Find all numbers $p$ such that both $p, \ p^2+14$ are primes.

I believe only $ p= 3 $ works.

How do I prove this using the complete set of residues Modulo 3. Would something like this work.

Assume $\mathbb F = \{p, \ p+1, \ p+2 \} $ be the set of complete residues in $\mathbb Z/3 \mathbb Z$, then one of the elements of $\mathbb F$ is a zero. Meaning it is a multiple of $3$. This cannot be $p+1$ because then $p$ would equal $2$ and $4+14$ is a composite integer. Same for $p+2$ as $p = 1$ is not a prime. Hence $p = 3$.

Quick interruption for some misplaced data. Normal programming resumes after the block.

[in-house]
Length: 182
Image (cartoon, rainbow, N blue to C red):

I am still unsatisfied with this proof.


1 Answer 1


If the number $k$ is not a multiple of $3$, then $k=3n\pm 1$ for some $n$, and $$k^2=9n^2\pm6n+1=3(3n^2\pm2n)+1=3m+1$$ for some $m$, that is, $k^2\equiv1\pmod 3$ if $3$ does nor divide $k$, so $k^2+14\equiv 0\pmod 3$. In particular, if $3$ does not divide $p$, then $3$ divides $p^2+14>3$, so $p^2+14$ is not a prime.

On the other hand, if $p=3$, then $p^2+14=23$ is prime as well, so $p=3$ is the only solution.

  • $\begingroup$ beautiful...thank you $\endgroup$
    – Quester
    Commented Nov 13, 2013 at 8:38

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